4 Tips for Househunting if You and Your Spouse Can't Agree on What You Want
- Finding the perfect house is a challenge.
- When looking as a couple, it can be even more difficult.
- If you're having a hard time agreeing, these tips can help, including naming your deal-breakers and focusing on the lifestyle you want to live in the house.
If you're having a hard time finding a home you both love, reading this could help.
Buying a home is an exciting process, but finding the right property can be difficult. Not only do you need to make sure the house comes with a mortgage that is within your budget, but you also want to make sure you settle on a place you'll be happy in for years to come.
As complicated as this is, it can become exponentially more challenging if you are married or have a life partner with whom you will be buying the home. In this situation, you have two different opinions to take into account -- and this can create problems if they conflict.
If you and your spouse can't agree on the perfect property for you, these four tips can hopefully help you find one that's good enough to make you both happy.
1. Make a list of what your common desires are
If you and your partner have some differences of opinion in what you want in your next home, it may feel like you'll never find the right place for both of you. But if you actually sit down and make a detailed list of things you both want, you may be surprised that you have more in common than you think.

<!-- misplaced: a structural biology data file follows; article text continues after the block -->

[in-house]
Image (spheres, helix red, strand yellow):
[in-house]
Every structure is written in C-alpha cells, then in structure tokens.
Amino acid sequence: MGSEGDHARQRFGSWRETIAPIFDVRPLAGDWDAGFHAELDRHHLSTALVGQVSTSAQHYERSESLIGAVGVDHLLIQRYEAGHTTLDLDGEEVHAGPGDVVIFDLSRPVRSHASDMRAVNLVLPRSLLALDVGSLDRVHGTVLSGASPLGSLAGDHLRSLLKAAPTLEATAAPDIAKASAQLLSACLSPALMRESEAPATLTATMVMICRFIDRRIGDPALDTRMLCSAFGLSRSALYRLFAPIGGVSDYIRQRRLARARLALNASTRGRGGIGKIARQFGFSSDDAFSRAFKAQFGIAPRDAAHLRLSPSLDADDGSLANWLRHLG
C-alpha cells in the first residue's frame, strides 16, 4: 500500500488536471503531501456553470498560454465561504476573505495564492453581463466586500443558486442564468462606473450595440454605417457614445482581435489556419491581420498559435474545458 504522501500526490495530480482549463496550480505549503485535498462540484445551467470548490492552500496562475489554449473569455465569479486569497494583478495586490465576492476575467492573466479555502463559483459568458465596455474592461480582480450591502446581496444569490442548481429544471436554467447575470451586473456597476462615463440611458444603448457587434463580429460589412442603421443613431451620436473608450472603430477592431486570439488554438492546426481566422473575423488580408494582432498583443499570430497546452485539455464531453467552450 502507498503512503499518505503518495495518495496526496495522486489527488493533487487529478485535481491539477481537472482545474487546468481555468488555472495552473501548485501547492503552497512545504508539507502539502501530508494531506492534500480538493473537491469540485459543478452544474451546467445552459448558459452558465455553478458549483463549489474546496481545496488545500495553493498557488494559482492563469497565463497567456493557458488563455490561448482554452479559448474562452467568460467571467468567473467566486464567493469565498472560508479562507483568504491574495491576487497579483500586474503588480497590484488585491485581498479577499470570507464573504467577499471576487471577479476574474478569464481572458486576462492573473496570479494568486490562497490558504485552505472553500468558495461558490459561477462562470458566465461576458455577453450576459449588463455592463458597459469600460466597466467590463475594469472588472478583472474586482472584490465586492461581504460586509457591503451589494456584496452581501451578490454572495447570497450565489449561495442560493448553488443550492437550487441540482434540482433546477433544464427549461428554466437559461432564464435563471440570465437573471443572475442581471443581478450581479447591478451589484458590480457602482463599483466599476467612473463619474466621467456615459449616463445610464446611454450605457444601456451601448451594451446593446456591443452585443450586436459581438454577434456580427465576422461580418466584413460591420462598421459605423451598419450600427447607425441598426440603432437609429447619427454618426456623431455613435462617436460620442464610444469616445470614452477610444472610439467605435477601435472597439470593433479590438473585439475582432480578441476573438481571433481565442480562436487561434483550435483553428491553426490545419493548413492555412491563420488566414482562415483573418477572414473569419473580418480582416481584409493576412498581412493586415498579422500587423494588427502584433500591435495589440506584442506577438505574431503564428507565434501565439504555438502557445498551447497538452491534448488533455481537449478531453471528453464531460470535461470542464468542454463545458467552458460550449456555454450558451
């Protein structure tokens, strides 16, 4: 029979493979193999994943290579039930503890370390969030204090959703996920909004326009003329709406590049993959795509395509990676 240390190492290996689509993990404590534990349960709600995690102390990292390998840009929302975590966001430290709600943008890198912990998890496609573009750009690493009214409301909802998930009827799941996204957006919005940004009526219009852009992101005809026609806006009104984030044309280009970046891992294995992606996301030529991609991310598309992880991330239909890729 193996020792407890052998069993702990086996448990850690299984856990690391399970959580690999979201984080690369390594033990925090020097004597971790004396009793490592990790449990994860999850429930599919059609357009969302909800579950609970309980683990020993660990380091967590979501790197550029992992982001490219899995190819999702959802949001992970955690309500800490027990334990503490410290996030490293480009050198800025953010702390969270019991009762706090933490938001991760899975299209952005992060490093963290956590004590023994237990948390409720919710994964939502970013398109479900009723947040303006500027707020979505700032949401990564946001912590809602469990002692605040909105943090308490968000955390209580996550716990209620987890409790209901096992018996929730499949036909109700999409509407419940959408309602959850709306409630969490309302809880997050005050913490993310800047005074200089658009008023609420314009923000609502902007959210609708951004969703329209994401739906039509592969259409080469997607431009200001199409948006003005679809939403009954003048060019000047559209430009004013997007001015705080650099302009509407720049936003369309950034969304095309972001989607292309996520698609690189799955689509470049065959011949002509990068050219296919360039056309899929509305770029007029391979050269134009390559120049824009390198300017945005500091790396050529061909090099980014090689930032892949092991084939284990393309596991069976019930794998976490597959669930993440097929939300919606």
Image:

Write out everything that's important to you both even if it seems insignificant, as this can help you narrow down potential properties that there's a possibility you'd both be interested in.
2. Discuss what is a deal-breaker for each of you
Many people have things they'd ideally prefer in a home or features they would rather avoid, but those features are not necessarily deal-breakers. Since you have to compromise when there's conflict, you may need to come to terms with the fact that you might not get every single thing you've been dreaming of -- but that doesn't mean you won't end up happy with your place.
You want to avoid features you absolutely cannot live with. So, make a list of what those home deal-breakers are. This will enable you to exclude houses that will absolutely not work for one of the two of you, which can further narrow down properties to look at.
3. Focus on what will fit your lifestyle
Next, have a discussion with your partner about the lifestyle you'll be living in the home. This can help you to get a more realistic picture of what the property should look like. For example, if your spouse wants a big yard but you want a small one, thinking about how yardwork will be handled and who will be responsible for which jobs could help you come to more of a consensus on what kind of property is right for you.
4. Give each person veto power
Finally, it's important to remember that you are both going to be living in the house so it really needs to work for both of you. If there's a house that either of you says absolutely no to, vow not to get upset over it.
It may take some time and you may need to look at a lot of properties, but if you focus on what you have in common and on how to find a home that fits your lifestyle, you'll eventually find the place that's just right for you as a couple.
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